All team projections courtesy of Fangraphs.

New York Mets:

2015 Record: 90-72, 1st in the Division.

2016 Projection: 84-78.

Key Acquisitions: Bartolo Colon (re-signed), Jerry Blevins (re-signed), Alejandro De Aza, Asdrubal Cabrera, Neil Walker (trade).

Key Departures: Yoenis Cespedes, Daniel Murphy, Michael Cuddyer (retired), Juan Uribe, Kelly Johnson, John Mayberry Jr., Dillon Gee, Bobby Parnell, Tyler Clippard, Eric O'Flaherty, Jon Niese (trade).

The Mets went for a strengthening of the overall squad as opposed to dumping all their eggs back into the Cespedes basket, much to the chagrin of a portion of the New York fan base. I like Walker as a replacement for Murphy over the course of the full season and the addition of De Aza and Cabrera offers solid depth that should make them less vunerable against right handed pitching. The ageless Bartolo Colon (or, should he falter, Rafael Montero) will hold down the fort in the fifth spot until Zach Wheeler returns, making an already ridiculous rotation even stronger. Still, it is hard to imagine them getting better without Cespedes in the middle, thus making the six game projected decline seem palpable.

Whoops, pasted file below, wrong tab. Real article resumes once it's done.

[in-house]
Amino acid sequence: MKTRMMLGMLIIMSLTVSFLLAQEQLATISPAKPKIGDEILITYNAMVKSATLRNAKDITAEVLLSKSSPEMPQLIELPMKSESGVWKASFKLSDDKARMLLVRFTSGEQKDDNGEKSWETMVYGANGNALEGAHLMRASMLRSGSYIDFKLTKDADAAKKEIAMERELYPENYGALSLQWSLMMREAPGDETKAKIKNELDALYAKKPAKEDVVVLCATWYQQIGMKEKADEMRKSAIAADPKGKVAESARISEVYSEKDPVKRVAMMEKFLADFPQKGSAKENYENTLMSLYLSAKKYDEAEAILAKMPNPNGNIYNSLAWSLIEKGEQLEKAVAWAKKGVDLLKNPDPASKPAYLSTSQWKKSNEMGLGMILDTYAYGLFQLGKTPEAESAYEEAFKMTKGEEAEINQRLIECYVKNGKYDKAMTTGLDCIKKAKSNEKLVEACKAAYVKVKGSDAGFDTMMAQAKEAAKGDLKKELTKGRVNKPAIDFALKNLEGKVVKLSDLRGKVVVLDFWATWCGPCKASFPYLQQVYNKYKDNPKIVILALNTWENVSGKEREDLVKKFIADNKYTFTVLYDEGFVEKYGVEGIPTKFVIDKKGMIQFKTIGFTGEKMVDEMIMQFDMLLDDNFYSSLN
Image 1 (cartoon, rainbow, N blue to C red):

Washington Nationals:

2015 Record: 83-79, 2nd in the Division.

2016 Projection: 88-74.

Key Acquisitions: Dusty Baker (manager), Daniel Murphy, Stephen Drew, Shawn Kelley, Oliver Perez, Yusmeiro Petit, Ben Revere (trade).

Key Departures: Matt Williams (fired), Dan Uggla, Ian Desmond, Nate McLouth, Denard Span, Doug Fister, Jordan Zimmermann, Casey Janssen, Craig Stammen, Drew Storen (trade).